United Nations Urges Religious Groups to Reduce Carbon

http://commons.wikimedia.org/wiki/File%3AChristiana_Figueres_Bonn_Climate_Change_Conference_May_2012_crop.jpgIn a speech at St. Paul’s Cathedral in London yesterday, the United Nations climate change secretariat Christiana Figueres called on religious groups to slash their carbon emissions. Figueres highlighted the moral imperative for shifting to a low-carbon economy and said “tough love” was needed to deliver ambitious action on climate change.

“Dear friends, for the first time in history we human beings now have the power to alter the physical foundations of life on this planet,” said Figueres. “But as ever throughout history we also have the responsibility to set the ethical foundation of our global society. We have done this with slavery and with apartheid. It is time to do it with climate change.”

Figueres isn’t the first to put the pressure on religious groups. Archbishop Desmond Tutu also cited religion’s moral prerogative as a reason why more faith groups should divest from fossil fuels.

“During the anti-apartheid struggle in South Africa, using boycotts, divestment and sanctions, and supported by our friends overseas, we were not only able to apply economic pressure on the unjust state, but also serious moral pressure,” Tutu wrote in a recent article in The Guardian. “It is clear that those countries and companies primarily responsible for emitting carbon and accelerating climate change are not simply going to give up; they stand to make too much money.”

As Figueres and Tutu both point out, religious groups have a moral duty to reduce their carbon emissions and divest from fossil fuel companies — a duty some religious groups already recognize. In Canada, the congregation of Trinity-St. Paul’s United in Toronto voted unanimously to divest from fossil fuel companies. The UK Quakers decided to divest part of their fossil fuel assets on ethical grounds. And in the US, 12 religious institutions have divested from fossil fuels.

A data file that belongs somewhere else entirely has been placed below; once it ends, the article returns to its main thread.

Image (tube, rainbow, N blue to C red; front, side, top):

“If ever there has been a David and Goliath situation, this is it,” said the Rev. Jim Antal, minister and president of the Massachusetts Conference of the United Church of Christ, whose board of directors voted to divest its assets from fossil fuel companies within five years, becoming the first religious body in the United States to do so.

But there is still a lot that can be done. Earlier this year, religious groups in North America and Australia sent a letter to Pope Francis calling for the Catholic Church’s divestment from fossil fuel companies. The Catholic Church still has yet to respond.

And religious groups can cut their internal carbon emissions by looking at commute patterns, waste, and energy use. If you need an example of a church that takes carbon reductions seriously, look no further than the First Congregational Church of Berkeley. Organizations like Interfaith Power & Light and Green Faith also provide tools religious groups can use to reduce their carbon emissions.

All of this needs to happen now. Despite Figueres confidence that an international deal would be signed to reduce carbon emissions in 2015, she voiced concern about the shape of the agreement and specifically whether it would be sufficient to “bend the emissions curve” downwards and put the global economy on course towards decarbonization.

“My concern is timing,” she said. “If we do not have a strong draft this year, if we are not able to attain a strong agreement in 2015, if we do not bend the emissions curve this decade . . . we face unprecedented systemic risks to the global population and economy.”

This only puts greater pressure on religious groups to act now. Gone are the days where groups have the luxury to launch an investigation into their investment strategies. Gone are the days when houses of worship could keep lights burning at all hours.

“Today we live in an unprecedented time in the history of mankind: the Anthropocene era, when humans have the power – intentionally or not – to transform our planet Earth for good or for ill,” said Figueres. Let’s pray that religious groups have the foresight, guidance, and leadership to be on the side of good.

News and Photo Source: Business Green

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About the Author

I'm an organic-eating, energy-saving naturalist who composts and tree hugs in her spare time. I have a background in environmental law, lobbying, and field work. I believe in God; however, I do not call myself a Christian or a Jew or a member of any religion. I am merely someone who finds a spiritual connection to all humans and the environment. You can find me on Twitter, Facebook, and .